Dutch Bible History (3)

**List: Dutch (Flemish) Ministry

the Bible ( de Bijbel )
Dutch (Flemish)...

   It has been remarked, that the experience of the Dutch churches in the production of a standard
version has been rather similar to our own; for, like us, they had long to wait before the great work
could be completed.   The first Dutch version concerning which any thing is accurately known was
a bad translation of Luther's German version, made about the middle of the sixteenth century, by an
elder of the Reformed Church, at Embden.   The necessity of procuring an improved version was
publicly discussed as early as 1571, and seems to have occupied the attention of all the synods of the
Dutch churches from that period till 1618.   Political troubles, however, drew the public funds into
another channel; and it was not till the famous Synod of Dort, in 1618-19, that actual preparations
were made for the immediate commencement of a new translation.   Six translators and eight revisers
for the Old, and as many for the New Testament, were chosen by the votes of the Dutch members of
the synod; and the States General were requested to undertake the expense of the work.   In the
directions delivered to the translators, the foremost were,--"That they should adhere religiously to the
original text, and solicitously retain the very phrases of the original tongues, so far as perspicuity, and
the idiom of the Dutch language, permitted; and that in supplying ellipses, when the sense actually
required it, they should use as few words as possible, and express those in the text by a different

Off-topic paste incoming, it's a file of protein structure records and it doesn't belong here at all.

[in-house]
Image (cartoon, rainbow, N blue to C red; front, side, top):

character, and included in brackets, that they might be distinguished from the text itself."

   The translators of the Old Testament entered upon their work at Leyden, in 1626, and held daily
meetings, which they invariably commenced with prayer.   The translation of the New Testament was
conducted in the same spirit of prayer; it was commenced in 1628, and finished in 1634: the trans-
lation of the Old Testament was completed in 1632.   Each book was printed as soon as finished, and
a copy was sent to each of the revisers.   The revision of the Old Testament was begun in 1633, and
completed in 1634.   Six hours daily were devoted to the work, and the revisers commenced each
meeting with prayer, and ended with thanksgiving; those who were not punctual in attendance were
fined a small sum, which was given to the poor.   The revisers of the New Testament commenced their
undertaking in 1634, and during the latter part of the year which they devoted to it
the plague was
raging at Leyden, yet, although their meetings were held in a room overlooking a churchyard in
which interments were continually taking place, not one of their number was attacked by the disease.